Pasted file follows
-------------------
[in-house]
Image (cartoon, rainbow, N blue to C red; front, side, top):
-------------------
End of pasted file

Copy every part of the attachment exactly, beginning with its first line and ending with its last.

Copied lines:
[in-house]
Image (cartoon, rainbow, N blue to C red; front, side, top):